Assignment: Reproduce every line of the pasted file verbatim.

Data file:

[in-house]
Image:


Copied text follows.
[in-house]
Image: